Movies like ‘Society of the Snow’: J.A. Bayona’s “Society of the Snow” recounts the five decades-old horrors of a plane crash in the Andes mountains. The plane, destined for Chile, carried a Uruguayan rugby team, among others. What has also continued to endow the quality of sensationalism to the entire incident over the years is the open disclosure of indulging in cannibalism by the survivors. “Society of the Snow” does not depart from the tragedy at hand in search of developing and fabricating tragedies to build tense drama.
This list points out seven films that can be watched following “Society of the Snow” – seven films that, through their similarities and dissimilarities, explore the varied concerns of “Society of the Snow.”
1. Alive (1993)
“Society of the Snow” is not the first cinematic attempt to bring forth the story of the Andes plane crash. In 1993, Hollywood optioned Piers Paul Read’s “Alive: The Story of the Andes Survivors” and made it into a feature film starring Ethan Hawke. Often criticized for its more flashy treatment of the events as opposed to the treatment “Society of the Snow,” “Alive” is more inclined to tell a triumphant adventurous story. While the Spanish film explored the reflections of a societal structure among the survivors, for the American production, such was evidently less urgent. This film finds a place on the list, even if it offers somewhat contrasting treatment of the same subject matter.
2. Deliverance (1972)
“I rise up against all those that hide or ignore the social and moral aspects of violence. It’s part of our existence; it’s within us. I recognize that I am a violent man. I believe that human being must try, at any price, to recognize and track down the violence brewing within him. This is also one of the artist’s roles. The most dangerous people in our society and any society are those who ignore their inner potential for violence”.
These are the words of Sam Peckinpah. Even though the director has no direct association with the film, the Peckinpah reference is important in realizing why Peckinpah might have been the first choice of screenwriter James Dickey to direct the film, for violence and Peckinpah goes a long back. All survival stories are essentially stories of violence, and “Deliverance” shows an acute understanding of that. Four men decide to canoe down a river that is soon to turn into a lake due to a dam project. One of the men expresses concern over the developmental project, bridging in the analogy of rape to assert man’s violence on nature, not realizing that man is equally capable of unleashing bestiality on other men as well.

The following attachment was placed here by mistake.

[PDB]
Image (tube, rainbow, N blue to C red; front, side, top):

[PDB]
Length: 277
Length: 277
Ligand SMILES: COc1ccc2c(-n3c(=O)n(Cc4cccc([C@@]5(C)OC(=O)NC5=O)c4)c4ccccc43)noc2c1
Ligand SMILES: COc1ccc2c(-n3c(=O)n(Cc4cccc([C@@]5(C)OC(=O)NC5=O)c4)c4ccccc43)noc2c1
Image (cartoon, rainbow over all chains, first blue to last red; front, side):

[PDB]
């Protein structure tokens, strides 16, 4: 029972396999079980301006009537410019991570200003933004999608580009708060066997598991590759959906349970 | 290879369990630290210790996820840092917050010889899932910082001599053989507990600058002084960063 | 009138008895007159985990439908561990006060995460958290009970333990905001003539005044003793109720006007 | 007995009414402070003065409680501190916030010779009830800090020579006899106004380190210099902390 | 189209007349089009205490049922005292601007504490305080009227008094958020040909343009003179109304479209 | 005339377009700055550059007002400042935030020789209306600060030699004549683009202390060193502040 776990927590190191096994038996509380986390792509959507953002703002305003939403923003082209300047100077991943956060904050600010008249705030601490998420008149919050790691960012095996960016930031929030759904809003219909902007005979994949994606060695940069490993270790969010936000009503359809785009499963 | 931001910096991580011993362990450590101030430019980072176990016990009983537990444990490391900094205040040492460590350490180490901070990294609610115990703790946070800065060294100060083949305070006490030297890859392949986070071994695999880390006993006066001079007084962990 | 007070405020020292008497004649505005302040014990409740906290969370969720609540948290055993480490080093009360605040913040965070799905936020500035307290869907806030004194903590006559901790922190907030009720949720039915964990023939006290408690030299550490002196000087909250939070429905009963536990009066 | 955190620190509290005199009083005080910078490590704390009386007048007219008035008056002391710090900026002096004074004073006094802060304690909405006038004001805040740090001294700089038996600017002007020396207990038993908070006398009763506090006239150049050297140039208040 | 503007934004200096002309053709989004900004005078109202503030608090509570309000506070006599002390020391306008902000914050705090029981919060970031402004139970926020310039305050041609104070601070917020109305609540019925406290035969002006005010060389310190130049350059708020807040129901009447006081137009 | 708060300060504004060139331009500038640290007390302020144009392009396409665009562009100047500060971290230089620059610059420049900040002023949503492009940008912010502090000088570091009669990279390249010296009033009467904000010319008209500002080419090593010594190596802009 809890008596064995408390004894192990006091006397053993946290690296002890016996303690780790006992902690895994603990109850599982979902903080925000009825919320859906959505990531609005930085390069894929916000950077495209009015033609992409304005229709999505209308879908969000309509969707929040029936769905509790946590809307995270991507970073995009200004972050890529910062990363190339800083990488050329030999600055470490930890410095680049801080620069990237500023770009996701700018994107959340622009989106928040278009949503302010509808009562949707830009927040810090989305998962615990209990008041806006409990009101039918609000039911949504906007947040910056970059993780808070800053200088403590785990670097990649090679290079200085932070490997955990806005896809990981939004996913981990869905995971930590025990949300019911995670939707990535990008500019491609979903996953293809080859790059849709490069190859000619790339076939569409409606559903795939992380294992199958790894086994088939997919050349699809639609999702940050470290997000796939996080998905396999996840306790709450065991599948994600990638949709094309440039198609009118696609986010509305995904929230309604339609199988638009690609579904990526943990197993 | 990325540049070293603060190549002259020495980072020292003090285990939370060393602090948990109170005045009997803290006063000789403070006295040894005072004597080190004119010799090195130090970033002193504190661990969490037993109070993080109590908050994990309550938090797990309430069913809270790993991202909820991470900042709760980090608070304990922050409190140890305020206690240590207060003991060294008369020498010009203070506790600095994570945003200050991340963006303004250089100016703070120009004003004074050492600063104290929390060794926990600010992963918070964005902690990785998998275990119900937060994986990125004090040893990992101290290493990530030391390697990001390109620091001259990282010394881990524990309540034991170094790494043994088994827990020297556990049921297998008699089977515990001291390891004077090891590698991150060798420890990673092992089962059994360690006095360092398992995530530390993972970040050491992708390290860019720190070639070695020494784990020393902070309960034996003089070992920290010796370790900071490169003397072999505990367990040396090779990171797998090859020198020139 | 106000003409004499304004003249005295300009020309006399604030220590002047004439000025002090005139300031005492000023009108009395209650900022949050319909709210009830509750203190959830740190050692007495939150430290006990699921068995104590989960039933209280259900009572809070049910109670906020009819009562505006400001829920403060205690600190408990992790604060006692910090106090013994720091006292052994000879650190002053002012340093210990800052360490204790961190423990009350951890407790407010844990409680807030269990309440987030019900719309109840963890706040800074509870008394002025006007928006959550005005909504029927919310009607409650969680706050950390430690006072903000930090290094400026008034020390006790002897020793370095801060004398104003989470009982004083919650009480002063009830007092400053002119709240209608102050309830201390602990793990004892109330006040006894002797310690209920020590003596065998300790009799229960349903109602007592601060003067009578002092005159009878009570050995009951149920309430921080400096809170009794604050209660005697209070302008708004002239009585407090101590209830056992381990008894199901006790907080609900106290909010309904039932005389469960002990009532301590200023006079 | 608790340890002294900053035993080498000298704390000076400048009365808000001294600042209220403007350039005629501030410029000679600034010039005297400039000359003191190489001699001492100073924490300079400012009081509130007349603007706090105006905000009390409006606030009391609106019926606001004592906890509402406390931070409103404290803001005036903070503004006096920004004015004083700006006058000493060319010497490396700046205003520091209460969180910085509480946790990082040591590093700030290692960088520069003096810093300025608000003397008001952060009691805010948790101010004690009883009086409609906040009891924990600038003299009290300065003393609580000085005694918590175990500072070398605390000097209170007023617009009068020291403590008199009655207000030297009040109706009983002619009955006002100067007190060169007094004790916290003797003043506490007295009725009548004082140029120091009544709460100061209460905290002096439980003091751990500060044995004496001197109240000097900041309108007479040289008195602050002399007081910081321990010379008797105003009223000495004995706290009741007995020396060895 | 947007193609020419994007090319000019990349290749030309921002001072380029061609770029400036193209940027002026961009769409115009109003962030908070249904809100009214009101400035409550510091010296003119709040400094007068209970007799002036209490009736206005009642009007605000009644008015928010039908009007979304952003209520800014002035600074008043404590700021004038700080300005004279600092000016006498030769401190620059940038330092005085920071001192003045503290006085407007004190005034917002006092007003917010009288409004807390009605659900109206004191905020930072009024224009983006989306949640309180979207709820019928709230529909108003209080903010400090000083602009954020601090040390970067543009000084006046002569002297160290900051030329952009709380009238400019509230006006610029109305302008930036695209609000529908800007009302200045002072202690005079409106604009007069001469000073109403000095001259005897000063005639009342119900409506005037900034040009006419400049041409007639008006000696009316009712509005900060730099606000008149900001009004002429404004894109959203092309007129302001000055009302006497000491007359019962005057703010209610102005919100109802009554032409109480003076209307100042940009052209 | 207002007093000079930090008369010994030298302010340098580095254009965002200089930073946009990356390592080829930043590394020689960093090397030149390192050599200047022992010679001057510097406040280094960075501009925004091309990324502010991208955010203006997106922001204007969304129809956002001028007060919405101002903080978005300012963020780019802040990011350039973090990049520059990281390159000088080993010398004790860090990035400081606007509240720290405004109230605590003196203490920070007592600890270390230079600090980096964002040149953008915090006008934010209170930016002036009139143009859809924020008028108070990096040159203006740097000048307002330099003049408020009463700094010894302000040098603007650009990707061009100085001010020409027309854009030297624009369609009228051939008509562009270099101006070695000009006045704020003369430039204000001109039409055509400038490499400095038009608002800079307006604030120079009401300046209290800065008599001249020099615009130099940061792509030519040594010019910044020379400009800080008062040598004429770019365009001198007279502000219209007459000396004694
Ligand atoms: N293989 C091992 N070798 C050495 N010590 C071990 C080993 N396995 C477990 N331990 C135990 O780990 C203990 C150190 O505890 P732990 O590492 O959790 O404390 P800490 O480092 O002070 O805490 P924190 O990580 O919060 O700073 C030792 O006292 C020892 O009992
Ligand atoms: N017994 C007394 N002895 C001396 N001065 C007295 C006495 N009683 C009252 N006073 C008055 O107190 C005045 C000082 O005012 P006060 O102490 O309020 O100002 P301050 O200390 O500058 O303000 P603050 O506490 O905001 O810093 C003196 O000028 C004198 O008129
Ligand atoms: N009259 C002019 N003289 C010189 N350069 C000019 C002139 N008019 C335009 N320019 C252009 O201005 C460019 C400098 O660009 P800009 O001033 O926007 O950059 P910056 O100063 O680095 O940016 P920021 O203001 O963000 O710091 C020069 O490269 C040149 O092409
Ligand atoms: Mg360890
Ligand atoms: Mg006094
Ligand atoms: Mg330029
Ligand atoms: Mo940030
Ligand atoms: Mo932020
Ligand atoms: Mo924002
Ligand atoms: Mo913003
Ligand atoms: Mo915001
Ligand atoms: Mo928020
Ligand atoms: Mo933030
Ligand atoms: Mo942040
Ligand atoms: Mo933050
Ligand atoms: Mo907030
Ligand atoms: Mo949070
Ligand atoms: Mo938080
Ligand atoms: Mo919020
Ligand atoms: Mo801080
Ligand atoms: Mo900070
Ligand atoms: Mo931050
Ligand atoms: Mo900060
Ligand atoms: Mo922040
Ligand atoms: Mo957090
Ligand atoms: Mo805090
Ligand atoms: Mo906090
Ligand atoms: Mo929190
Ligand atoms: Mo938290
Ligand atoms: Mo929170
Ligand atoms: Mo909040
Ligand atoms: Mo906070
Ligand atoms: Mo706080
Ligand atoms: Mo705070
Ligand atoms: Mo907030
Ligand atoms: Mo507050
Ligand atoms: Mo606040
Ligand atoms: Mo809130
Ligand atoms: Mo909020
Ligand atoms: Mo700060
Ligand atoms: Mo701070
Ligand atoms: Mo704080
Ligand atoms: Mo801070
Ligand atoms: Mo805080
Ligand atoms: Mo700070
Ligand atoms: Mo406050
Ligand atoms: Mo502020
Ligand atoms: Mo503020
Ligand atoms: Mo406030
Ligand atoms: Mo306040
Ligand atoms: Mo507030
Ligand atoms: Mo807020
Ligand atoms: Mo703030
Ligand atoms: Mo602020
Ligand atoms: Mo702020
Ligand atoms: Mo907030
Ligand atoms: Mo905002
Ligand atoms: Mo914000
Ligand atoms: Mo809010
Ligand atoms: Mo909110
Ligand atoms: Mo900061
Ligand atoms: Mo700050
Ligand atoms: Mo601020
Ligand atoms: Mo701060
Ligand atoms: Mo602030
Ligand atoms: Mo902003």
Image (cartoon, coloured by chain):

3. Fires on the Plain (1959)
Kon Ichikawa’s “Fires on the Plain,” primarily a war movie, observes a Japanese soldier as he stands on the putrid Filipino land, faced with the more imminent choice between morality and mortality. Private Tamamura is an eyesore even for his own army troop due to his tuberculosis. He is given a grenade to kill himself in case he fails to seek medical assistance. Thus begins his constant turmoil between choosing death and a life that is by now filled to the brim with suffering due to constant moral lows and blows. Like “Society of the Snow,” it lets a creeping doubt in: is cannibalism really a far-fetched instinct for humans when left in conditions akin to that of the rugby players and the Japanese soldier? There is rarely any other setting that brings forth the inherent inhumanness in humans than the setting of war.
4. Dirkie (1969)
Most people who are familiar with the film reflect on their childhood memories of the film and its trauma-inducing visuals. “Dirkie,” later carrying the alternative title “Lost in the Desert,” is not one cinematic masterpiece or even close to a decent film. But it can very well be considered a movie like “Society of the Snow.” The central character is an eight-year-old. What is intended to be a trip of convalescence for the boy, Dirkie, is foreshortened when his plane crashes and disintegrates into the unforgiving Kalahari.